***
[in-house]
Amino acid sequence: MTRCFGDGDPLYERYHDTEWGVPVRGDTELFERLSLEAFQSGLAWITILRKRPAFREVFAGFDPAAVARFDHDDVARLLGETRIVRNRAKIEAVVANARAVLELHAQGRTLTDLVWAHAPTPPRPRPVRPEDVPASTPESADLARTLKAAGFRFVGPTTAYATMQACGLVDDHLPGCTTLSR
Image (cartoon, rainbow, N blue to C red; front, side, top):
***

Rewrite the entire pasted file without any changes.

[in-house]
Amino acid sequence: MTRCFGDGDPLYERYHDTEWGVPVRGDTELFERLSLEAFQSGLAWITILRKRPAFREVFAGFDPAAVARFDHDDVARLLGETRIVRNRAKIEAVVANARAVLELHAQGRTLTDLVWAHAPTPPRPRPVRPEDVPASTPESADLARTLKAAGFRFVGPTTAYATMQACGLVDDHLPGCTTLSR
Image (cartoon, rainbow, N blue to C red; front, side, top):